by WorldTribune Staff, September 9, 2018
U.S. Marines conducted a live fire exercise in the southern Syrian desert after Russia said it intended to enter the deconfliction zone near an American base in the area.
More than 100 U.S. Marines, backed by artillery fire, took part in the exercise to send a “strong message” to Russia, two U.S. defense officials told Fox News.
“The Russians informed the U.S. on Sept. 1, via the deconfliction line, that they intended to enter the At Tanf deconfliction zone to pursue terrorists,” Army Lt. Col. Earl Brown, a spokesman for U.S. Central Command told Marine Corps Times in an emailed statement. “The Russians indicated via written note on Sept. 6, that they would make precision strikes in the At Tanf deconfliction zone against terrorists.”
Russia was “advised” by the U.S. to stay clear of the 55-kilometer At Tanf zone.
“The Russians agreed to a [34 mile] ‘deconfliction zone’ around the At Tanf garrison to avoid accidental conflict between our forces, and to remain professionally engaged through de-confliction channels. We expect the Russians to abide by this agreement,” Navy Capt. William Urban, a spokesman for U.S. Central Command, said in a statement.
“The United States does not seek to fight the Russians, the government of Syria or any groups that may be providing support to Syria in the Syrian civil war,” Ubran said. “The U.S. does not require any assistance in our efforts to destroy ISIS.”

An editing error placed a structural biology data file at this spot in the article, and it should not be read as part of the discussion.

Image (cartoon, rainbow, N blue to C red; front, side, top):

U.S. forces have in the past launched several deadly strikes against forces aligned with Syrian President Bashar Assad for violating the At Tanf base’s deconfliction zone.
The attacks included the downing of a suspected Iranian drone in June. The drone had attacked coalition forces conducting a joint patrol with partner forces near the At Tanf garrison, according to Col. Ryan Dillon, the spokesman for Operation Inherent Resolve.
“It was clearly meant as an attack,” Dillon said. The bomb missed its intended target, but “proximity made it clear who they were trying to hit.”
The Trump administration last week warned Syria, Russia and Iran not to launch an offensive in Idlib province, the last remaining anti-Assad rebel stronghold, over fear of mass civilian casualties.
President Donald Trump tweeted: “President Bashar Assad of Syria must not recklessly attack Idlib Province. The Russians and Iranians would be making a grave humanitarian mistake to take part in this potential human tragedy. Hundreds of thousands of people could be killed. Don’t let that happen!”
Trump’s warning appeared to have been ignored after Russian jets began bombarding Idlib.
“We consider any assault on Idlib to be a dangerous escalation of the conflict in Syria,” said U.S. ambassador to the United Nations Nikki Haley. “Airstrikes by Russia and the regime have already begun against civilian areas. The atrocities committed by Assad will be a permanent stain on history and a black mark for this council which was blocked over and over by Russia from taking action to help.”